I started Collegewise by myself in 1999 and went from zero to over 100 students in less than 18 months. When asked, I’ve often said that I was simply willing to hustle more than my local competition was. They had businesses. They had years and years of experience. They had the history and the reputation in the community that comes with it. They didn’t need to hustle. But I was starting from scratch. Hustle was all I had.
But there are two kinds of hustle, and it’s important to choose carefully.
The first kind is for people who believe that the end justifies the means. In independent college counseling, these hustlers spam potential customers, over and over again. They press their current clients for referrals. They’ll inject fear into their marketing messaging, disparage high school counselors, and generally do just about anything to benefit their business in the short term, even if it shrinks their trust and credibility in the long term.
But the other kind of hustle plays the long game. This is the independent counselor who’s always looking for ways to delight their current customers, not just to entice new ones. They’ll create a helpful resource and give it away for free to as many people as possible. They care more about pleasing the organizer and the audience at a presentation than they do about wedging their sales pitch at every turn. They follow industry news and attend conferences because it makes them more informed and aware.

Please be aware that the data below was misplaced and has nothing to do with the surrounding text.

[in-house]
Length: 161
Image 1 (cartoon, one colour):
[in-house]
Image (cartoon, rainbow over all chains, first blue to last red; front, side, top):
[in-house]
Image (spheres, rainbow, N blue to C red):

Their version of hustling is doing those seemingly little things that might have little or no impact today, but collectively make an enormous impact tomorrow. That’s what makes the little things so hard to do, and why it takes hustle to do them.
Students, parents, counselors, and everyone else have the opportunity to inject a little hustle into their important work. It’s an advantage available to everyone. But you can’t just make the choice to hustle. You’ve also got to choose which kind.